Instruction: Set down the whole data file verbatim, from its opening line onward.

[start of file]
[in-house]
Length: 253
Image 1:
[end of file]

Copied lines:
[in-house]
Length: 253
Image 1: